The objective of this work is acoustic seafloor characterization based on the statistical properties of bottom reverberation. The seafloor roughness parameters are related to backscattering strength through the Helmoltz- Kirchhoff scattering model. These parameters are estimated through the application of multilayer perceptrons and maximum likelihood (ML) estimators to synthetic backscatter representing seafloor with different morphology. The multilayer perceptron is presented with synthetic sequences and is instructed to yield the parameters of interest in the output. ML estimation relies on the construction of a rectangular grid that maps scattering strength vectors to the two parameters under estimation through the Helmholtz-Kirchhoff model. The parameter estimates are the coordinates of the grid element at which the likelihood function-calculated for sets of simulated observations-obtains a maximum. The performance of both estimation processors is determined by the mean and variance of the obtained parameter estimates.<>

  • Small scale seafloor roughness measurement using a ROV

    A method for seafloor roughness measurement was devised for a remotely operated vehicle (ROV), consisting of lasers and a video camera. It was designed to measure small-scale roughness in the range of spatial wavelengths from 0.01 to 1 m. This range of wavelengths is expected to be relevant to acoustic bottom backscattering in the frequency range roughly from 1 to 100 kHz, depending on grazing angle and orientation.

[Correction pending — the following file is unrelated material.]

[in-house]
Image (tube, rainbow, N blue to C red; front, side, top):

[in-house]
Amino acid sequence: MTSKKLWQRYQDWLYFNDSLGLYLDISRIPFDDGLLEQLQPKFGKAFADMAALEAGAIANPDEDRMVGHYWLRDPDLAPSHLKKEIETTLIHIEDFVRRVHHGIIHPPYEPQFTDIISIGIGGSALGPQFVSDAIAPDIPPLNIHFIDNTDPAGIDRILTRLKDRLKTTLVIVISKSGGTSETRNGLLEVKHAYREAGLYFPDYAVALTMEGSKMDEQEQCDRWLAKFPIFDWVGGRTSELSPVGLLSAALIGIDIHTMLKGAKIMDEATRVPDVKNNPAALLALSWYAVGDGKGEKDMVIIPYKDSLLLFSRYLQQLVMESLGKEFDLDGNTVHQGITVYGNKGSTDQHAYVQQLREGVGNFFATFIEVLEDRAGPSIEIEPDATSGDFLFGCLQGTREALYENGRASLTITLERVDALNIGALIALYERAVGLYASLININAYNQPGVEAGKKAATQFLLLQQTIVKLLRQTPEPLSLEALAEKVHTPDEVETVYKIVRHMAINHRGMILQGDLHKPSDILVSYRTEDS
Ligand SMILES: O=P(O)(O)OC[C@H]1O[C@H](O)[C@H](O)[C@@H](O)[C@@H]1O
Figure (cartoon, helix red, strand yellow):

• Maximum a posteriori probability estimation of seafloor microroughness parameters from backscatter spatial coherence

    A technique is presented for the estimation of a set of parameters associated with a geologically motivated model for seafloor microroughness due to Goff and Jordan (1988). The method seeks to connect the spatial covariance of the backscattered acoustic field with the correlation properties of the seafloor by constructing the a posteriori probability density function (pdf) of the parameters that define the seafloor microroughness wavenumber spectrum. The processor maximizes the joint a posteriori probability density of the model parameter set. Due to the complexity of the probability surface, the method of simulated annealing is used to search for the globally optimum solution vector.